UMass Amherst researcher identifies threats from invasive alien species

A research team including a UMass Amherst researcher recently assessed the potential global impact of invasive species. | File image
A study led by Bethany Bradley, a biogeographer from the University of Massachusetts Amherst, is the first global analysis of environmental risk from invasive alien species.

The findings show that approximately one-sixth of the lands on Earth are “highly vulnerable” to invasion.

“First, we analyzed threats of invasive species introduction and establishment globally,” Bradley said. “Then, we took a look at national policies to see how prepared we are to combat these threats. Our results show some pretty clear vulnerabilities — high risk, but few policies to deal with invasion. We hope that by raising awareness of the highest risk areas, maybe we can help to jump start a more proactive policy response.”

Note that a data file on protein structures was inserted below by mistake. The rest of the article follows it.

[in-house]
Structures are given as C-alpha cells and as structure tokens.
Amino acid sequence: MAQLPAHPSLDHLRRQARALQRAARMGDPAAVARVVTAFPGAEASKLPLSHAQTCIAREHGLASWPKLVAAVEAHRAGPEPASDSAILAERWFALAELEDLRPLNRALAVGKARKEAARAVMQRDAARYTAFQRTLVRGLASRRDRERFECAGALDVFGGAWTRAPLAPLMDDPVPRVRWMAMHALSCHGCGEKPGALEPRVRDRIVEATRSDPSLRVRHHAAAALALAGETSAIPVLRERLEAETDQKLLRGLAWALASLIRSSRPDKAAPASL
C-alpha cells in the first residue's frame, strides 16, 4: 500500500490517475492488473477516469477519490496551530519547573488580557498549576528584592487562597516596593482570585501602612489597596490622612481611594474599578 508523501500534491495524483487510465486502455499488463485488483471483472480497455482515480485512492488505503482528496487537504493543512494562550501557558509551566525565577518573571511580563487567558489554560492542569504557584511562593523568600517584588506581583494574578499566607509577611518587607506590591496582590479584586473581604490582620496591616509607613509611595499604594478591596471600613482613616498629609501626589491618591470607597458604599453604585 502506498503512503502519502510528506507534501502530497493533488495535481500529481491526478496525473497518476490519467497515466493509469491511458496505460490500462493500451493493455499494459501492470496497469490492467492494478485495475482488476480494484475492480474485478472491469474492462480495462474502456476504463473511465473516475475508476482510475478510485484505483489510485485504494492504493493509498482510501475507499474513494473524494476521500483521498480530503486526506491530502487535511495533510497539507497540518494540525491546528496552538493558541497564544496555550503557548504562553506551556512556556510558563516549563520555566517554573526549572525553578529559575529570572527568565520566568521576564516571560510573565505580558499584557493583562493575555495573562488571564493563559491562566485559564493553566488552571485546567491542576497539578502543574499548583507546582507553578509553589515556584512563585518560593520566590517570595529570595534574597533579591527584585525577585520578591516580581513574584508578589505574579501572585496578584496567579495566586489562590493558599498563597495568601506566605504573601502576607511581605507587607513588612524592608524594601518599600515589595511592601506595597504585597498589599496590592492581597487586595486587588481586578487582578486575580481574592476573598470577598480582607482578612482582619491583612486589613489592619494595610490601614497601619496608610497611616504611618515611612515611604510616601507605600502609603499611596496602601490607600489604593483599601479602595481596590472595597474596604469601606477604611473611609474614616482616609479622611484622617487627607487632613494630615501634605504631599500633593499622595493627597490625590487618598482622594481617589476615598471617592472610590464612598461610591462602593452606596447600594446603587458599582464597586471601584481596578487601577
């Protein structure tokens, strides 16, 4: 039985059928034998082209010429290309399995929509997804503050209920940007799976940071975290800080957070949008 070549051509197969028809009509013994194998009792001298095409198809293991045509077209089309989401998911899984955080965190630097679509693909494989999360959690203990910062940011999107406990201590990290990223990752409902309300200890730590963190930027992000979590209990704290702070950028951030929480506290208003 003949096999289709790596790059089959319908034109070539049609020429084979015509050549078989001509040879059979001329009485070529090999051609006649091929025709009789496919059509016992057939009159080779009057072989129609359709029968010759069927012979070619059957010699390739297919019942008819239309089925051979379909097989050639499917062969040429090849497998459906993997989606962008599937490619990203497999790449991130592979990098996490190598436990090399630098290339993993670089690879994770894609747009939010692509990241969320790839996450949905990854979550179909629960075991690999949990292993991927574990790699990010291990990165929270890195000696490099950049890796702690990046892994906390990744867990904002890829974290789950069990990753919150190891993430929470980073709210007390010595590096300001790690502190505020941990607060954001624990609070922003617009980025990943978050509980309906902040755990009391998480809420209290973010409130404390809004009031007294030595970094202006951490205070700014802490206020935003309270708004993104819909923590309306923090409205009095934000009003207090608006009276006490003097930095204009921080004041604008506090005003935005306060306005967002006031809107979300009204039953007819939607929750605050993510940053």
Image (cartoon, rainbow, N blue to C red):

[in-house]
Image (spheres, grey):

The report, which was published by Nature Communications, said “most countries have limited capacity to act against invasions” and that a “clear need for proactive invasion strategies in areas with high poverty levels, high biodiversity and low historical levels of invasion.”

The researchers spent their time collecting data to see how the invasives are introduced and established to the environment while evaluating the capabilities of national response to “improve early warning and eradication schemes.”

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